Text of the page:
With the solar system now a regular destination for exploration, Albright began an occasional series of sorties to the planets and picked up some new recurring foes. The first was a plundering barbarian from Pluto who raided Earth for its Uranium reserves in #52’s ‘Captain Midnight versus the Space Raider!’ (Binder & Frank).

The resultant chase and recovery took our hero to Mars and first contact with an unsuspected race also under threat of merciless assault by the murderous Jagga

After driving the fiend off and recovering his ill-gotten gains, Midnight next encountered the ruthless Plutonian inflicting ‘Peril on Venus’ in #53. By sending him packing once again, the inventor consequently aided the long-lost last survivors of Atlantis in getting their failing colony onto an even keel in a world overrun by dinosaurs…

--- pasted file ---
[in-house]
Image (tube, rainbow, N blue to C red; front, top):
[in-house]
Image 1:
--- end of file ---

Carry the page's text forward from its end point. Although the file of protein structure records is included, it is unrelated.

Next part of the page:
In #54 Midnight and Icky encountered yet another embattled civilisation on Ceres: a literally golden kingdom fending off Jagga’s bacterial onslaught and meteoroid bombardments. With the Air Aces’ assistance, the monster was finally driven off in ‘The Asteroid Battle’

There’s a double dose of super-scientific spectacle in #55, beginning with Albright’s perhaps unwise invention of a monumental dirigible intended as ‘The Sky Airport’. When common thugs steal the mobile monolith and use it as a base for air raids on banks, the heartbroken genius is forced into desperate action to clear his conscience…

This is followed by another interplanetary incident when ‘Captain Midnight Finds the Lunar Lair’ and finally brings Jagga to justice in the form of a trial in Earth’s courts. Unequivocally guilty, the beast is sentenced to death by electrocution in #56’s ‘The Last Rites of Jagga’ (Frank art) but said execution proves to be a major mistake and Midnight is called upon to deliver the sentence in his own infallible scientific manner…